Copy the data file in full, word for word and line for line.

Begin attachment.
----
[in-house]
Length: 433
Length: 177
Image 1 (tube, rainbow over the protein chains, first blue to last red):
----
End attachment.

[in-house]
Length: 433
Length: 177
Image 1 (tube, rainbow over the protein chains, first blue to last red):